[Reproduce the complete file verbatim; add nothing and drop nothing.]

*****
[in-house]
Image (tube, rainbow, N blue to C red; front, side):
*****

[in-house]
Image (tube, rainbow, N blue to C red; front, side):